We present a comprehensive study of the structural and emission properties of self-assembled InAs quantum dots emitting at 1.3 mum. The dots are grown by molecular beam epitaxy on gallium arsenide substrates. Room-temperature emission at 1.3 mum is obtained by embedding the dots in an InGaAs layer. Depending on the growth structure, dot densities of 1-6 x 10(10) cm(-2) are obtained. High dot densities are associated with large inhomogeneous broadenings, while narrow photoluminescence (PL) linewidths are obtained in low-density samples. From time-resolved PL experiments, a long carrier lifetime of approximate to1.8 ns is measured at room temperature, which confirms the excellent structural quality. A fast PL rise (tau (rise) = 10 +/-2 ps) is observed at all temperatures, indicating the potential for high-speed modulation. High-efficiency light-emitting diodes (LEDs) based on these dots are demonstrated, with external quantum efficiency of 1% at room temperature. This corresponds to an estimated 13% radiative efficiency. Electroluminescence spectra under high injection allow us to determine the transition energies of excited states in the dots and bidimensional states in the adjacent InGaAs quantum well.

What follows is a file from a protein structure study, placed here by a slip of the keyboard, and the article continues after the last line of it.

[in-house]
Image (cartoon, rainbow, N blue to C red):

Ieee Journal of Qantum Eectronics, 2001, Vol 37, Issue 8, p. 1050-1058